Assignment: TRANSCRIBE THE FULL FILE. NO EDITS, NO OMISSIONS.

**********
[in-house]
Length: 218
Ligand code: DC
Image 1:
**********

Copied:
[in-house]
Length: 218
Ligand code: DC
Image 1: